"We Can't Agree on How to Raise Our Child"
The Counselor's Turn
Different approaches to child rearing can test the strongest marriages," the counselor said. "I understood why Jill's hovering would annoy her more easygoing husband. And I could see why Ron's laissez-faire parenting style would upset his wife. 'You both have Ashley's best interests at heart,' I said. 'But you each represent an extreme -- too cautious versus too relaxed. The trick is to find a balance.'
"First we explored how Jill's childhood had fostered her anxiety. Like many children of divorce, she became alienated from one parent and emotionally enmeshed with the other to the point where she worried constantly that her mother (who was, and is, perfectly healthy) might die. Jill characterized her mother as a 'lovable micromanager.' Indeed, to this day she calls Jill with reminders to carry an umbrella or to make a doctor's appointment. So to Jill hovering felt natural. Nor was it surprising that Jill would transfer her worries about her mother's health and safety to her daughter.
"I validated her impulse to worry about Ashley -- serious illness and accidents do happen -- but explained that backing off would help Ashley develop self-confidence. Otherwise Jill would reinforce the behaviors that she and Ron found alarming in their daughter. 'Good parents let their children take some risks,' I said. 'It sounds counterintuitive, but overprotected kids often engage in risky activities when they're older because they crave freedom.'
"Next we turned to Ron's upbringing. His father had been remote, and Ron was set on playing a large role in his own child's life, even if it meant belittling his wife. 'When you mock Jill you show contempt for her,' I told Ron. 'This must stop.' He needed to be a calming influence and acknowledge Jill's fears. As I told him, 'The more you assure Jill that you understand her concerns and that you'll protect Ashley, the more she'll loosen up.'
"I recommended concrete steps that would improve their communication and reduce Ashley's anxiety. For starters Jill needed to relax about cleaning house. She was so focused on tidiness that she didn't let Ashley play freely. I also advised Jill to stop expressing her own anxieties about the world at large. 'Children pick up on their parents' fears,' I warned, 'and make them their own.'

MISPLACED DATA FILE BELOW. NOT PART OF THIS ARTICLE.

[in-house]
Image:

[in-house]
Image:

"Meanwhile, Ron had to accept that children need structure and discipline. 'Ashley shouldn't play on the stone hearth of the fireplace even if its rough edges have been childproofed with a padded bumper,' I told him. 'And you should encourage good hygiene.'
"In time Ron learned to bite his tongue and stop undercutting Jill. 'It's not easy,' he admitted, 'but counseling made me realize the damage I'll cause if I don't.'
"Gradually the tension between them eased and their emotional intimacy was rekindled. They began scheduling Saturday nights out twice a month. At first Jill was nervous about leaving Ashley with a babysitter, but relented when her mom offered to watch Ashley one Saturday a month and a good friend's babysitter signed on for the other. 'Our dates have been great for our marriage,' she said. 'I feel closer to Ron and that's made me interested in sex again.'
"Ron is equally pleased. 'I no longer feel like I'm last on Jill's list,' he said.
"Once Jill relaxed, Ashley stopped using the word 'worry' and grew more adventurous. After attending a birthday party at a karate studio, she asked for lessons. Karate has taught her some valuable life skills, including discipline and perseverance, and improved her coordination and confidence.
"'I'm a better mother because I'm happier and calmer,' Jill said in one of their final sessions. 'We're back on track as a couple and Ashley is thriving.'
"'I'm proud of our progress,' Ron said, 'and thrilled at the positive changes in our daughter.'"
Originally published in Ladies' Home Journal, October 2009.